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ECHR: Romania committed several rights violations due to its complicity in CIA secret detainee programme

The European Court for Human Rights (ECHR) has issued a release on Thursday, informing that it has found several violations, referring to the complicity in the CIA secret detainee programme.

In the cases of Abu Zubaydah v. Lithuania and  Al Nashiri v. Romania the Court found several violations of the Convention, and in particular a violation of the prohibition on torture, on account of the respondent States’ participation in the CIA programme of secret detentions.

It found that Romania had hosted a CIA secret detention facility from September 2003 to November 2005, while Lithuania had done so from February 2005 to March 2006. The applicants had been held in these facilities and the domestic authorities had been aware that the CIA would subject them to treatment contrary to the Convention. The States in question had also allowed the applicants to be transferred to other CIA detention sites, thereby exposing them to further ill-treatment, the release informs.

The case Al Nashiri v. Romania concerned the applicant’s allegations that Romania had let the United States Central Intelligence Agency (the CIA) transport him under the secret extraordinary rendition programme onto its territory and had allowed him to be subjected to ill-treatment and arbitrary detention in a CIA detention “black site”. He also complained that Romania had failed to carry out an effective investigation into his allegations. The applicant in the case, Abd Al Rahim Husseyn Muhammad Al Nashiri, is facing capital charges in the US for his alleged role in terrorist attacks. In today’s Chamber judgment in the case the European Court of Human Rights held, unanimously, that there had been:

  • violations of Article 3 (prohibition of torture) of the European Convention on Human Rights, because of the Romanian Government’s failure to effectively investigate Mr Al Nashiri’s allegations and because of its complicity in the CIA’s actions that had led to ill-treatment;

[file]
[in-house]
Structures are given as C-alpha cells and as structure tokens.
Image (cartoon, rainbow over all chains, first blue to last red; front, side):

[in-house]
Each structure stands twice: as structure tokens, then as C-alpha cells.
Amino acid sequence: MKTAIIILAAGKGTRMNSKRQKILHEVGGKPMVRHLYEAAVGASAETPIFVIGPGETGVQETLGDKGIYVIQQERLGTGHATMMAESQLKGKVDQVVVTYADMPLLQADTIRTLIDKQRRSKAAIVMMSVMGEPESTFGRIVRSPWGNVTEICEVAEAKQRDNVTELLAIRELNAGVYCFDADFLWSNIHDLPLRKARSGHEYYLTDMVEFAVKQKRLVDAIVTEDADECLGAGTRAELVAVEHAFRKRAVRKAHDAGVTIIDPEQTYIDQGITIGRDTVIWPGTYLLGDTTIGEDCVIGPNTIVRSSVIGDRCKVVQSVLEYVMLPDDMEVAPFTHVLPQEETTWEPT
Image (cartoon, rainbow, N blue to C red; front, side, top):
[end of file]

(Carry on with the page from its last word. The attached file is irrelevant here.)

• violations of Article 5 (right to liberty and security), Article 8 (right to respect for private life), and Article 13 (right to an effective remedy) in conjunction with Articles 3, 5 and 8,
  • violations of Article 6 § 1 (right to a fair trial within a reasonable time), and Articles 2 (right to life) and 3 taken together with Article 1 of Protocol No. 6 (abolition of the death penalty) because Romania had assisted in Mr Al Nashiri’s transfer from its territory in spite of a real risk that he could face a flagrant denial of justice and the death penalty.

The Court had no access to Mr Al Nashiri as he is still being held by the US authorities in very restrictive conditions so it had to establish the facts from various other sources. In particular, it gained key information from a US Senate report on CIA torture which was released in December 2014. It also heard expert witness testimony.

The Court concluded that Romania had hosted a secret CIA prison, which had the code name, Detention Site Black, between September 2003 and November 2005, that Mr Al Nashiri had been detained there for about 18 months, and that the domestic authorities had known the CIA would subject him to treatment contrary to the Convention. Romania had also permitted him to be moved to another CIA detention site located either in Afghanistan (Detention Site Brown) or in Lithuania (Detention Site Violet), as found in another judgment delivered today Abu Zubaydah v. Lithuania, thus exposing him to further ill-treatment.

The Court therefore found that Mr Al Nashiri had been within Romania’s jurisdiction and that the country had been responsible for the violation of his rights under the Convention.

It also recommended that Romania conclude a full investigation into Mr Al Nashiri’s case as quickly as possible and, if necessary, punish any officials responsible. The country should also seek assurances from the United States that Mr Al Nashiri will not suffer the death penalty.

(…) Article 41 (just satisfaction) The Court held that Romania was to pay Mr Al Nashiri 100,000 euros (EUR) in respect of nonpecuniary damage. He made no claim for costs and expenses.

 

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